López Obrador, the only president in the region with more than 60% approval rating

The following is the new edition of “Image of Power”—the presidential approval monitor of Latin America created by Directorio Legislativo. 

In our new ranking, Andrés Manuel López Obrador and Lula Da Silva are the only two presidents above a 50% approval rating. Obrador is at 61% approval, and has bullet-proof support during his fifth year in office. After facing a small push back, Silva keeps behind him reaching 56% approval. Meanwhile, Gustavo Petro is closing his first year in office and, due to the discontempt among citizens and politicians, barely reaches 36% approval.

The regional average approval rating is at 37%. This trend of low regional ratings continues due to presidents, such as Alberto Fernández and Guillermo Lasso, who hit rock bottom, then stabalize. On the other side, Gabriel Boric has managed to maintain 30% (+/-2) approval, just like he has for the past year.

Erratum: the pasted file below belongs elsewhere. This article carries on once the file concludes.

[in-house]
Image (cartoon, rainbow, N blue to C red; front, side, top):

In past months we have been facing a drop in presidential approval ratings, and the decrease has shown obvious influence in the political scene as support for current presidents is being redirected to the rising candidates waiting to succeed them. 

Such a stark change in support exacerbates the central theme of this issue: how does the popularity of right-wing government within a democracy encourage the emergence of alternative candidates whom are at the edge of democracy?

Over the past year, conversation has shifted from the new “pink tide” to right-wing discourse and policy proposals, a discussion dominating not only the post-electoral debate in Argentina, but countries across Latin America. In Brasil, Bolsonarism continues to face opposition and in Chile, José Antonio Kast’s “republican” proposal is gaining traction and heavily influencing the constituent process. 

In Ecuador, Daniel Noboa, the son of the country’s main businessman, has emerged in the run for president. This unexpected candidate will compete against Luisa Gonzalez, the candidate of Correism.

We invite you to read the full report and article:

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